You'll be able to visit the new brewery for a tour, to visit their tasting room, or to try some of their small plates of smoked meats, artisan cheeses and other charcuterie. In addition, they plan to have a full bakery producing breads for their brewpub. Their focus, as always, will be to keep everything as local and sustainable as possible while maintaining a tradition of European farmhouse brewing. They'll also be implementing some sort of barrel-aging program and - while I couldn't get any details about it from them - I'm sure they'll be producing some very special beers in the future. I expect these guys will continue to grow and will hopefully expand their distribution in the future because I truly believe they can compete with the best of them from what I've seen so far. I look forward to visiting again after the opening of the Farmstead Brewery, expected sometime between late summer and fall, 2014, if all goes well.
108 Walter Drive
These guys opened in November, 2013, and in that short time, I'd read enough good things about them to know it would be worth the effort to find the place. And it did require some effort. Set back to the rear of a dark parking lot, up a loading dock and through a brightly-lit hallway, through a heavy door that opens into a small warehouse filled with the smell of grain and the Syracuse team colors - blue and orange - there was something about the space that reminded me of an old feed-and-seed. You feel like you're walking into a small family store, with the volunteer brewing assistant and a barrel-chested regular at the bar, the brewer himself, Pete Kirkgasser, and his wife filling tasters, and their two teenage daughters and a dog helping out. And they're all just about the nicest people you've ever met.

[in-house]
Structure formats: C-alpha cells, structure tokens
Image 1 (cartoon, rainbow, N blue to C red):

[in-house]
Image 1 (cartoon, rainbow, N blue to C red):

Their tasting room is just that - a room for tasting or taking growlers to go, but only within the narrow period between 4pm and 7pm, seven days a week. The daughters run a small business as well, making Brew Bones, dog biscuits made from spent grain and other simple, natural ingredients. A $2 "tasting fee" will get you a taste of all eight beers on tap – but if they like you they might throw in one or two extra of your favorites “for the cold”.
Kirkgasser has been home-brewing for over twenty years and I've read that he was considered one of the most “prolific and edge-pushing” members of the Salt City Brew Club. Now he runs just a single-barrel system, but they already have plans to expand, and there is no doubt they'll have to in order to keep up with demand. While Kirkgasser brews all styles, his personal favorites are the hoppier beers. He uses all Northwest hops - when he can get his hands on them - lending a lot of complexity and nuance to his beers. My personal favorite, though, was a Belgian-style golden strong ale. Given Kirkgasser's ability to successfully brew such a diverse number of styles, I believe these guys will do very well in the coming years.
120 Wilkinson St